Another in our series of new transcriptions of contemporary articles on the Leo Frank case.
Friday, May 23rd, 1913
Instrument Was Put In by Lawrence O. Surles of the Southern Bell Telephone Company—George M. Gentry, Took Down the Conversation in Shorthand
The dictograph, through which was recorded the conversation held by agents of the city detectives with Attorney Thomas B. Felder, was most ingeniously arranged and installed by Lawrence O. Surles, chief clerk of the traffic department of the Southern Bell Telephone and Telegraph company, who is the Atlanta representative of the Dictograph Manufacturing company.
Just behind the lower portion of a dresser front board in room No. 31 of Williams House No.2 was screwed two tiny dials, the transmitters or sounders of the cunning little device. Running from these dials were two dark red wires, which were so hidden in the crevices of the dresser as to be invisible even to a suspicious person who might have made a minute investigation.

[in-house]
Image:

The dresser was placed directly in front of a door which connected with room No. 32, and the two wires were run through the keyhole of this door. To further avoid the possibility of discovery of the instrument or its wires the dresser was then screwed to the door frame so that it could not be pulled or moved.
Inside room No. 32 the wires ran through two small dry batteries, of the type used for electric door-bells and were there attached to the receiver, which hung upon a hood-piece exactly similar to those employed by operators of private branch telephone exchanges. Continue Reading →